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301 & 302 Redirects

301 & 302 Redirects

Contents:

 

301 & 302 Redirects

Redirects literally redirect users from one URL to another and depending on the reason why they are being implemented will determine what type of redirect you will need to implement. We describe the two most common redirects in this article.

301 Redirects

These are permanent redirects called ‘permanent 301 redirects’ or ‘301’s’ for short. These permanently redirect users from one URL to a new URL and in doing so pass on a significant percentage of PageRank.

Matt Cutts says in this video that equal amounts of PageRank are dissipated through a link as through a 301 redirect. This is estimated to be between 10%-15% loss, meaning that 85% to 90% of PageRank is maintained or transferred.

These should be used if you would like to redirect users permanently and helps to prevent PageRank loss during that period.

302 Redirects

302 redirects work in the same way as 301 redirects but are temporary solutions ‘temporary 302 redirect’. These should be used if y­­­­­ou would like to redirect users but only for a limited period of time and helps to prevent PageRank loss during that period. The same quantity of PageRank is passed on using a 302 as there is using a 301 redirect.

This article looks at the different methods for implementing 301 redirects across Linux and Windows IIS servers.

Common Mistakes

There are a few common mistakes we see when it comes to using redirects, which we list below:

Redirect Chains

Redirect chains are where ‘Page A’ redirects to ‘Page B’, but ‘Page B’ redirects to ‘Page C’.  With each step in the chain a portion of PageRank is lost and load times increase. This also makes it harder for Google to determine what page is the correct page to list in the SERPs.

Redirect chains should be avoided as they provide no benefit and only the potential for negative impact.

Redirect Loops

Redirect loops are where ‘Page A’ redirects to ‘Page B’ but ‘Page B’ redirects to ‘Page A’ thus causing an infinite loop which cannot be resolved. All pages in this cycle will be removed from Google’s index.

This can impact indexing in general because Google’s crawlers will only spend so much time trying to figure out what is going on before leaving.

Redirect to Missing Page

Redirecting from a URL to another URL that doesn’t exist or is inaccessible provides a bad user experience and ultimately the PageRank of the original place will be lost. This is bad practice and should be resolved if it occurs.

Wrong Type of Redirect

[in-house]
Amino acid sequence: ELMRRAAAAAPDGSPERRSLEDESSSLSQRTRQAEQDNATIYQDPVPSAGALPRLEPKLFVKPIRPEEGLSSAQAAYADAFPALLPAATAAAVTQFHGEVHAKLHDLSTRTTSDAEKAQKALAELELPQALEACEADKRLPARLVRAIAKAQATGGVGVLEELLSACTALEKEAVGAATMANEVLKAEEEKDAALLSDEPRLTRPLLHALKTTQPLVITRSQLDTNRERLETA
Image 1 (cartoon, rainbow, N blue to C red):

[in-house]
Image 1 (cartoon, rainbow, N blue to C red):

Using a 302 when you should use a 301 or vice versa sends the wrong message to Search Engines, they will assume that the move is temporary or permanent when it is the opposite, this can impact on rankings.

Too Many Redirects

On large sites, this can become an issue, if thousands of redirects exist, site performance can be impeded increasing page load times. Redirects can be removed after a period of time; once the new page has been indexed the redirect can be removed with little to no impact. Typically we leave a redirect in place for a couple of months.

There are exceptions to this; if the pages being redirected from have back links removing the redirects this will essentially nullify the link. There are catchall solutions for implementing redirects based on criteria such but you will lose a portion of PageRank in the process.

For smaller sites where the volumes of redirects are small, there should be no issues with leaving them in place indefinitely.

Implementing 301 Redirects

.Htaccess – 301 Redirects

There are a number of ways to perform the required redirects; the most common hosting environment is Apache on a Linux server.  In that situation you can use an htaccess file to perform the redirect.

If a .htaccess file exists already, the following code can be added to the file, if none exists then a .htaccess file must be created and uploaded to the root of the domain.

Edit the code below to contain the relevant website URL and references to the index page. Then copy the edited code the bottom of the .htaccess file, save the file and upload to the root of the domain (locations can be dependent upon CMS).

To redirect the non-www version of your site to www (or any other sub-domain):

RewriteEngine on
RewriteCond %{HTTP_HOST} ^example.com.au [NC]
RewriteRule ^(.*)$ http://www.example.com.au/$1 [L,R=301] To redirect one URL to another
               Redirect 301 {old_url} {new_url}
               Ie:
               Redirect 301 / /index.html

Once the initial rewrite engine code has been added you can add redirects in using the following format:

Redirect 301 /oldfile1.htm /newfile1.htm
Redirect 301 /oldfile2.htm /newfile2.htm
Redirect 301 /oldfile3.htm /newfile3.htm

*Note: Editing and creating .htaccess files can have a serious impact on a website, if unsure please consult an expert to ensure that website functionality is not negatively impacted. Always test your site and desired outcomes immediately after making edits.

Windows IIS – 301 Redirects

Implementing 302 Redirects

.Htaccess – 302 Redirects

The code below details how to implement a 302 redirect:

 RewriteEngine On
 Options +FollowSymLinks

               Redirect 302 /oldfile1.htm /newfile1.htm

Once the initial rewrite engine code has been added you can add redirects in using the following format:

Redirect 302 /oldfile1.htm /newfile1.htm
Redirect 302 /oldfile2.htm /newfile2.htm
Redirect 302 /oldfile3.htm /newfile3.htm

Windows IIS – 302 Redirects

Bear in mind that Windows Servers are updated to new versions each year and often this can result in having to learn a new way of implementing redirects.

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